The modern threat of Asbestos
Friable ACM’s are a risk to construction workers who are engaged in the refurbishment, remodeling or demolition of old buildings. Where refurbishment and other works is carried out in phases building users occupying these premises at the time of refurbishment works are particularly at risk from Asbestos.
The Demise of the Asbestos Industry
The health risks to those who worked in asbestos industry was well known even by the end of the 1800’s. During the 1940’s and the war efforts tens of thousands of munitions and other workers were exposed to high levels of Asbestos. The demise of the Asbestos Industry occurred after the War, death rates in the transport and shipping industry from Mesothelioma topped 14 per 1000 in one US ship building company many more died from Asbestosis. Death rates in Asbestos mining and materials handling industry topped 70% of its workforce before the health authorities ended its manufacture in Europe and the United States.
In Central Europe no natural Asbestos deposits occur of commercial consequence and raw Asbestos was imported mainly from Russia. Poland for example imported more than 100,000 tons per years of raw asbestos in its industrial peak in the 1970’s when Asbestos employed more than 9000 people directly. Over 100 state owned factories produced ACM’s in Poland between the late 1950’s and at the real demise of the Asbestos manufacturing industry. In 1992 production had dropped to below 30,000 tons per year. Poland, the Czech Republic and Former Eastern Germany were among the world’s largest producers and consumers of ACM’s and at the time ACM’s were used everywhere.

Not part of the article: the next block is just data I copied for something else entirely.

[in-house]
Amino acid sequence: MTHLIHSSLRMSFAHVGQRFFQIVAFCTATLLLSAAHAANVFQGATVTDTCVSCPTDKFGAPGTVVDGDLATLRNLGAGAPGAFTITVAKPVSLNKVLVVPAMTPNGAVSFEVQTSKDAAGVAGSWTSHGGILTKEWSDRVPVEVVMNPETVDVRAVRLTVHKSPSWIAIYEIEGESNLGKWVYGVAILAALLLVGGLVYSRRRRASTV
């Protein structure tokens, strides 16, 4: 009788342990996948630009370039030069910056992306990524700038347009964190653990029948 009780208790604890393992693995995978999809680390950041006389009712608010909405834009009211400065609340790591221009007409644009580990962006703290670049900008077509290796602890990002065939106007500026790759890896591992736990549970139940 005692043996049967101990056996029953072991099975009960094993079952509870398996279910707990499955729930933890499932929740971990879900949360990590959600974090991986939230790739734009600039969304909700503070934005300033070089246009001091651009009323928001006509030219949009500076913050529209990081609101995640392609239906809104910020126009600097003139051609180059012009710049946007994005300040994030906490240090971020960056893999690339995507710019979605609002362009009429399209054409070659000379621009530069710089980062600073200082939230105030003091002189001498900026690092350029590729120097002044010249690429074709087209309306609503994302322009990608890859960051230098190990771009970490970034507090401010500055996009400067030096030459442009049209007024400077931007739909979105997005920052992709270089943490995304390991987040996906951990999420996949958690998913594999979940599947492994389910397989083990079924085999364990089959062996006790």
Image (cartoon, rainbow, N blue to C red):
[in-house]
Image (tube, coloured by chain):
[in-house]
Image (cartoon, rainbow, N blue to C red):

In 1998 as the last Polish asbestos works finally closed its doors a Swedish health inspectorate report described Asbestos Abatement practices in Poland as badly managed “the control and management of Asbestos and ACM’s in Central Europe often exposes building users, even young children and the public to unnecessary risk, it will be the source of much Asbestos Litigation in future”.
ACM’s are widespread in Poland it is estimated that 15.5 million tons of asbestos containing components and systems are currently installed. Although older installation of ACM’s become fewer as more and more installation become redundant and are demolished those that remain become a more potent risk to building user health and as their condition decays.
“Asbestos is a real hazard for the building surveyor whose duties includes inspecting voids, fire cupboards and other poorly ventilated spaces in buildings and infrastructure. Building and Energy Value Engineering Surveyors need take special precautions when conducting technical due diligence on any building in Central Eastern Europe which was constructed before the 1990’s”